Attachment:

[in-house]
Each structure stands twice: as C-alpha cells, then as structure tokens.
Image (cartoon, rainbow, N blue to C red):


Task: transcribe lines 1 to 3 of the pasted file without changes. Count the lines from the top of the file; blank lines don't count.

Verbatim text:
[in-house]
Each structure stands twice: as C-alpha cells, then as structure tokens.
Image (cartoon, rainbow, N blue to C red):